IE 11 Not Supported

For optimal browsing, we recommend Chrome, Firefox or Safari browsers.

NYC Lab Calls on Startups to Help Reach Sustainability Goals

The Circular City program, a project by New Lab and the NYC Economic Development Corporation, has issued an open call for startups to use technology to address the city’s sustainability goals.

A group in New York City has challenged startups to make buildings there more energy efficient while also reducing waste.

This group is New Lab, which is a tech hub located in Brooklyn, and it is working with the New York City Economic Development Corporation (NYCEDC) to launch Circular City, an open call for startups to use technology to address the city’s sustainability goals. The hope is that this will result in tangible outcomes that can be used to foster energy efficiency in buildings and to help New York City become a circular economy, which is a model that aims to reduce waste. 

Shaina Horowitz, vice president of product and programs at New Lab, said this could involve keeping goods in use or circulation to reduce waste, and stakeholders involved with this effort will spend at least the next six weeks connecting with startups in the service of this. Startups will be asked to submit applications, which New Lab and NYCEDC will review, Horowitz said. At that point, subject matter experts and others will help select which projects move forward.

“They’ll make sure that we’re looking at a team that can get a project into a pilot phase quite quickly,” Horowitz said.

The initiative has been praised by policymakers who say the public-private partnerships aimed at reining in energy consumption and making New York more sustainable — in the face of a growing climate crisis — “is a win for everyone involved,” said New York City Council Member Robert Holden, who chairs the New York City Council’s Committee on Technology.

“For instance, the proliferation of Uber, Lyft and other for-hire vehicle services has vastly increased the amount of congestion and pollution on New York City streets, and often times these cars are driving aimlessly while searching for their next client,” Holden wrote in an email to Government Technology. “If we, as a government and tech companies, can work together to figure out how to use technology to minimize these vehicles’ footprints, that would go a long way toward improving sustainability.”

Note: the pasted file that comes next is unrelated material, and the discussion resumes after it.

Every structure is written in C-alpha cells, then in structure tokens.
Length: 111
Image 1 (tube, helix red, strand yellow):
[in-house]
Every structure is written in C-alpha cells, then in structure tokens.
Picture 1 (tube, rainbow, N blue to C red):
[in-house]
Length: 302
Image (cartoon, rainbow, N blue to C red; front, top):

With this in mind, a focus of Circular City will be on exposing the city to technology that will have a relatively immediate impact on increasing energy efficiency in buildings, as well as thinking about waste reduction overall.

“It’s a balance between being highly ambitious in the kind of impact that we want to see, and then also being extremely practical,” Horowitz said. “So, knowing that in the course of this spring and summer we want to help startups actually deploy their technology at different pilot sites across New York City.”

This work is a few years in the making. NYCEDC and New Lab first formed the Urban Tech Hub in 2017, with Circular City emerging as a key part of the vision of that partnership.

“New Lab’s unique model for bringing together frontier tech startups, local government stakeholders, academic institutions, and private sector investors is a powerful platform for addressing critical real-world urban challenges,” said New Lab CEO Shaun Stewart, in a statement. “The 2020 edition of Circular City will build on the success of our initial program, exploring new solutions for meeting New York City’s broader sustainability goals.”

Skip Descant writes about smart cities, the Internet of Things, transportation and other areas. He spent more than 12 years reporting for daily newspapers in Mississippi, Arkansas, Louisiana and California. He lives in downtown Yreka, Calif.